In 1988, Fairyland was revamped into The Fairy Walk at Fun Forest. Many of the figures and sets were remastered and some were replaced entirely. Unfortunately, the revival didn’t last long. Lowry Park was paving way for a new attraction- the Zoo School. By 1999, all the Fairyland figures were removed from the zoo and either auctioned off or sent to storage where they would remain for almost twenty years.It wasn’t until years later when Mario Nunez, a Tampa native, got curious about what had become of Fairyland. He and his wife, Sally, tracked down the pieces and brought them back into the public eye. Fairyland became once again a topic amongst natives and even appeared on Fox 13, reminding those who had once adored Fairyland about their childhoods. Luckily, Nunez had a friend in a prominent figure in Tampa Bay- Richard Gonzmart. Gonzmart owned a chain of restaurants, most notably The Columbia Restaurant and had a deep interest in Nunez’s plans for Fairyland. Gonzmart had plans on opening a new restaurant called Ulele and thought that some of the iconic Fairyland pieces would be the perfect additions. 30,000 dollars later, Gonzmart had bought several of the Fairyland pieces at an auction. Humpty Dumpy, The Three Little Pigs, and men riding horses were now once again allowed to be shown to the public. Now that Gonzmart had the pieces, a restoration was in order. The restoration project began in 2017 and is still ongoing. Jason Hulfish and Grand Theming Studios is rebuilding and re-painting the figures better than they’ve been in decades. Humpty Dumpty and the Three Little Pigs are the most notable completed makeovers as of late. The journey is still ongoing and soon, Fairyland will be restored in a new light for yet another generation to appreciate and pass down to the next.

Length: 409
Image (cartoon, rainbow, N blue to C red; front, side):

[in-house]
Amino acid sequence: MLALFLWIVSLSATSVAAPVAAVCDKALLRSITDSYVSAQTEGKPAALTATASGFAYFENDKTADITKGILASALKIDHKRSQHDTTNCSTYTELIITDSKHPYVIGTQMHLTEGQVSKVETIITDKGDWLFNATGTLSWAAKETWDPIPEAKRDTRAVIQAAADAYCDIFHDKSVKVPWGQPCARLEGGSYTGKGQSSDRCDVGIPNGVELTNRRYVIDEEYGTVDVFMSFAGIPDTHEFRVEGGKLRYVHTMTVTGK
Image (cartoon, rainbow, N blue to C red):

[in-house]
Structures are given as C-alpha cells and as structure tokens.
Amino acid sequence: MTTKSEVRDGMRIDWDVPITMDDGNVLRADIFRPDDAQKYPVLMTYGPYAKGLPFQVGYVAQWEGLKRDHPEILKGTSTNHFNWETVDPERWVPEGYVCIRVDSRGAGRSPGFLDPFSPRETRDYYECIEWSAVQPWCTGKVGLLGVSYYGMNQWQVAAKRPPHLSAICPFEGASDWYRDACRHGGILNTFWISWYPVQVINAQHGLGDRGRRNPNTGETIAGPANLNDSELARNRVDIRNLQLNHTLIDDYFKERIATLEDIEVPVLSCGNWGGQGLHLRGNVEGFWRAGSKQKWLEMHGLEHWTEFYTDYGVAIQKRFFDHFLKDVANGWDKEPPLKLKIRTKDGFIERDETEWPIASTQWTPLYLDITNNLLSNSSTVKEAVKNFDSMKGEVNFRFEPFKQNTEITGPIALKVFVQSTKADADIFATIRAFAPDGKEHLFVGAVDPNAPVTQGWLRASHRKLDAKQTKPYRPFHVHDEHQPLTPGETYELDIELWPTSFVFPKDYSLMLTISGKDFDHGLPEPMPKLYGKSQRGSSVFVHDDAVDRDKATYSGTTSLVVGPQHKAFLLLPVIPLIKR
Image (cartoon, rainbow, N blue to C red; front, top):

Jack and the Beanstalk. Humpty Dumpty. The Three Little Pigs. Once upon a time in Tampa, these storybook characters frolicked near the Hillsborough River at a place called Fairyland. After closing in 1996 at Lowry Park Zoo, the fabled figurines disappeared, but the memory of times spent at Fairyland lived on in the imaginations of Tampa residents.Those figures have found a new – if temporary – home at the Tampa Bay History Center.“Finding Fairyland: Rediscovering Tampa’s Lost Theme Park,” opening Saturday, will feature many of the original sculptures from Fairyland, on view to the public for the first time in 20 years.The exhibit is made possible by Columbia Restaurant Group 4th Generation President/CEO Richard Gonzmart, who purchased the collection of Fairyland sculptures from the city of Tampa after they were discovered in a city storage facility.Gonzmart is restoring 11 scenes from classic fairytales with plans to put them on public display.The exhibit will also include family photos taken at Fairyland over its more than 30 years in existence. Photos can be submitted to firstname.lastname@example.org. “Finding Fairyland” is on view through May 21. For more information, visit TampaBayHistoryCenter.org, or call 813-228-0097.Posted by Ulele on Friday, March 17, 2017